pollyp

Club Member
most meat probes have a thick tip of least 4mm which won't penetrate rubber without difficulty or damage but then I found this device with a thin 1.7mm needle probe and big readout screen and suitable working spec which may do the job :)

11063_F_WEB_13J1.jpg


http://www.deltatrak.com/index.php?11063-jumbo-display-auto-cal-needle-probe-thermometer

available on ebay from usa for bout £23.05 + import
http://www.ebay.co.uk/itm/DeltaTRAK-Jumbo-Display-Flash-Check-Needle-Probe-Thermometer-Model-11063-/121025346710#vi-content

will obviously need to adapt an adjustable depth stop to it (measure tread depth and set probe tip to same depth) so i don't accidentally puncture the tyre
 
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pollyp

pollyp

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now that the seasons warmed up slightly, i wanna retweak the map cos she seems to occasionally lean to 15-16afr when cruising at 70 (3-4k rpm / 25-30% load regions of the fuel map)

so this was the map i ran back in august 2012 during JAE with O2 disconnected, multiplier 300 and latency 240

auga.jpg


tday i had to lean the mulitplier to 292 so the cruising and boost afr are correct but that mid-region (just below 0psi at 3k 70mph) still leans out to 16afr so had to richen that area slightly to get back to low 14afr. idle cells leaned abit more to idle at 14.7afr

januq.jpg


curiously i tried out the original turbo remap that Ed dyno tuned for me back in sept 2011 and the mixture on that no longer works cos it used to rely on the O2 to correct the low-load regions.
now without the O2 it idles 10afr, cruises at 11-12afr but boosts at 10-11afr.

after a cruise i measured the tyres with my IR gun as a rough test and both the fronts are 18,16,16C in,mid,outer and both rears are 14,14,14C. front & rear warm pressures at 3bar which seems bout right for normal driving.

another note is I believe the LSD isn't working again. exiting t-junctions it wheel spins very easily like an open diff and on/off power mid-turn no longer load/unloads the steering anymore.

when both wheels jacked up, they both turn the same way so there's some preload there.
but when only one wheels up and i spin the wheel to check amount of preload, there's minimal resistance.

so either the lsd plates are worn thin and/or the preload ring was too weak.
this gripper lsd not turning out to be very reliable or easy to setup

next time I take the LSD apart, rather than sending it off to gripper to be ripped off labour, i think I'll just fit a thin spacer washer between the preload ring and the casing to squeeze the clutch pack slightly more = more preload
 

r-reg-sr

-------
Site Supporter
mine ,,,i aint done none :)

got to be good enough though ? is it with the lazer pointer the ir thermometer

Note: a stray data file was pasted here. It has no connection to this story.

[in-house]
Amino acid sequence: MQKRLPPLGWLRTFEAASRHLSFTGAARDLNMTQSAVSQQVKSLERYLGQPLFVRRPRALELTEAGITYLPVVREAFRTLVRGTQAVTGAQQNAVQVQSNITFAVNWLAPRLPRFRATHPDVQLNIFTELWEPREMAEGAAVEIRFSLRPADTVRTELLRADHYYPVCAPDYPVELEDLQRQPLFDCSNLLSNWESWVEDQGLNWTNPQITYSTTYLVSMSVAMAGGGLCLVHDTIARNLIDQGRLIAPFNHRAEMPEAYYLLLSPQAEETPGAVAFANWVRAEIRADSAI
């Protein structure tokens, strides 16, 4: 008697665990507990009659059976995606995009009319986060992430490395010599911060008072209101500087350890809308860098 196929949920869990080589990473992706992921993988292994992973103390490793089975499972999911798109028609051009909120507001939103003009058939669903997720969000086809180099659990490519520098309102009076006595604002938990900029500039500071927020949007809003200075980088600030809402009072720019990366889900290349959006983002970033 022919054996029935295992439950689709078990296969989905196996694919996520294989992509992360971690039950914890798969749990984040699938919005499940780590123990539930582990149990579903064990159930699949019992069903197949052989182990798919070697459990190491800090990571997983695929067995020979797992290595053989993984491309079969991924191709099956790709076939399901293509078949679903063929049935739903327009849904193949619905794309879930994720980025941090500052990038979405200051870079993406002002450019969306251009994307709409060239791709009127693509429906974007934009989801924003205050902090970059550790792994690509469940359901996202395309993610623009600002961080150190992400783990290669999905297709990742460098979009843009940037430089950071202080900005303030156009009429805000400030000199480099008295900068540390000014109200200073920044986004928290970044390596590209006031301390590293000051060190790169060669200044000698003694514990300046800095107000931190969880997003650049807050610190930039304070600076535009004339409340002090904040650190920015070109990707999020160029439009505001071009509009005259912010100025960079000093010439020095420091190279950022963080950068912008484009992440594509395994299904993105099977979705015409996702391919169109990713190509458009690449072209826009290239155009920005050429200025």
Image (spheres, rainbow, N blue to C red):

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pollyp

pollyp

Club Member
speaking of lasers, I may also be looking at making my own diy laser guided alignment rig so when I've adjusted the camber on track I can quickly correct the toe alignment.

another note bout droop limiters I mentioned back in post 3525:
rather than welding some hooks etc onto the expensive alloy coilover hubs to attach straps onto like ebbdude,
instead I'm thinking of making a reinforced coilover cover (like what's fitted at the moment but made out of the same strong fabric as the straps) which are of specific length (hence limit droop) and wrapped/anchored (with cable or jubilee clip) one end at the top of the front strut/top of rear damper and the bottom of the front strut preload ring/rear damper base.
will include diagram later of course.
 
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pollyp

pollyp

Club Member
was gonna buy some £10 laser pointer n make my own laser jig but looking around the garage i found i had a laser spirit level, brill :)

DSC07766.JPG


now I know the laser light is straight but whether it is aligned parallel to the base of the level requires calibrating.

to find out we need to place the spirit level on a completely flat surface, measure & compare the "surface to laser dot distance" at the emitter and on the projected wall far away.

i don't have any flat surface long enough.
there's only two things i know that are flat at long distances:
- a calm water surface (impractical, messy, don't have a big bath and can't rest the spirit level on it)
- and a laser light

i do have a flat counter-top and a far wall so i could use my laser pointer to set the reference plane of that surface onto the wall.

position the emitter port at the edge of the table n pointed slightly up

1.jpg


as you slowly swivel the pointer down, the projected dot gets lower until its parallel to the surface and the projected dot can't fall any lower, thats the reference plane of the table top. mark it on the far wall